Source: The National Spinal Cord Injury Statistical Center, University of Alabama at Birmingham, NSCISC 2018. Annual Statistical Report and Facts at a Glance, January 2019.


Any injury to the neck sustained during a sporting activity should be dealt with a high concern for a severe condition. Any injury to the spinal cord or to the neck is a medical emergency. An athlete should not return to playing their sport until they have been cleared by a medical official. The patient should receive a neurological exam as quickly as possible. CT scans, MRI, or an X-ray can be used.


The treatment plan will differ depending on the severity of the injury, if there is dislocation or instability, the injury to the cervical bones, and whether there is injury to the nerves or spinal cord.

Minor fractures can typically be treated with a neck collar or brace worn for six to eight weeks until the bones have healed. More severe injuries may require traction or surgery such as a spinal fusion with or without decompression.

After an injury has occured in the spinal cord, surgical decompression will be performed. The surgery will remove the tissue or bone pieces that are affecting the spinal cord. Decompression can be approached from the front or back of the body. Decompression and stabilization should be done as soon as possible following a spinal cord injury.


Cycling accidents often result in head injuries but a head and neck injury can occur often too. Of 2692 sports-related neck fractures treated in United States hospital emergency rooms in 2009, 536 were from cycling. Around 80% of deathly bicycle accidents involve motor cars among children under the age of 14.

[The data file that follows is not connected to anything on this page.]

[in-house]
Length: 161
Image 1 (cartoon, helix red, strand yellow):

Source: US Consumer Product Safety Commission, National Electronic Injury Surveillance System (NEISS), 2009.


Of 2692 sports-related neck fractures treated in U.S. hospital emergency rooms in 2009, 268 were caused by football accidents. Acceleration of the head on the neck can cause whiplash. Deceleration of the head on the neck from a collision between players can result in flexion forces.

Cervical spine injuries occur most often in lineman and defensive football players. A cervical spine injury is estimated to happen to 10-15% of all football players. The main problem is tackling and blocking.

In the last 33 years there were 307 football players with incomplete neurological recovery due to a cervical spinal cord injury. The majority of the players were playing defense. Around 10% of cervical spinal injuries take place during the tackling phase.

Water sports

  • 47 year old male fell off board while surfing which resulted in a compression fracture at C1 and a thoracic compression fracture at T1
  • an 11 year old boy was hit while on an inner tube at a water park which resulted in a deathly neck fracture
  • A 6 year old boy hit head on concrete pool floor and fractured neck at C2 and C3
  • 32 year old male hit head on pool and fractured neck

Source: US Consumer Product Safety Commission, National Electronic Injury Surveillance System (NEISS), 2009.



Spinal cord injuries can be prevented by using SNELL, ANSI, or ASTM approved helmets. Buy a proper fitting helmet. Some other tips include keeping children under one year of age off of a bike, cycle a couple feet away from parked cars, obey traffic rules, nover hold onto a moving vehicle, and use hand signals.


  • Strengthen head and neck muscles
  • Use proper hitting and blocking techniques
  • Use equipment that fits well
  • Prepare team to know what to so in case of an injury to the spine
  • Do not spear
  • Avoid helmet to helmet collisions

Skateboarding and inline skating

  • Inspect for any damaged materials
  • Wear helmet
  • Skate on smooth grounds

Swimming and diving

  • No diving in water under 12 feet depth
  • Do not push or shove people into the pool
  • Follow safety rules

General Sports

  • Do not play sports when sick or tired
  • Wear proper gear
  • Be cautious